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Going custom: Sign on the dotted line

Making a signature pendant

The 3-D CAD model for the fourth signature pendant we made.
The 3-D CAD model for the fourth signature pendant we made.

By the beginning of December, I was starting to feel like I had conquered the majority of my custom work battles. I had one more large and complicated piece to make for Christmas and several smaller orders. That’s when my employer told me a fourth customer had placed an order for a signature pendant that had to be ready by Christmas. I was told the client lived in England and had seen the other three pendants on our Facebook page. Wow! That’s cool.

Over the years, I have hand-fabricated about a dozen pendants similar in design to these four; each of those previous jobs required approximately 60 hours of labour to complete. For our current projects, I used our store’s CAD/CAM system to help create them, saving nearly 30 hours of labour per pendant. I have a personal interest in highly detailed work, and the time savings generated by designing with CAD allowed me to spend a few extra hours fine-tuning the smaller details. The first of these four pendants—the ruby and diamond piece—was slightly criticized as looking rather flat. For the next three, I domed the front more to give them additional depth.

The pendant in the CAD image to the left was made using 18-karat rose gold set with pink diamonds and platinum set with white ones. This project also has the distinction of being the first job to be created using the store’s new 3-D printer, also called a wax growing machine.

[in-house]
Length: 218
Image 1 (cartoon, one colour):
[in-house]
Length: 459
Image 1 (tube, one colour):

There are many similarities between wax milling and wax growing technologies. For one, they are dramatically faster and can achieve a level of detail nearly impossible with hand carving. Additionally, both technologies leave a small amount of texture on the surface of finished models requiring a bit of hand finishing before casting.

It is the differences between milling and growing machines that might be more noteworthy. Growing machines make models about three times slower than milling machines, although they are able to create undercuts and hollowed out areas where mills can’t reach. Mills are slightly less expensive to purchase and can have a lower overall cost to operate and maintain. Mills use the regular carving waxes most bench jewellers are familiar with, while growers use specially formulated waxes that melt at tightly controlled temperatures. In a perfect shop, I would want to have both a mill for speed and a grower for detail.

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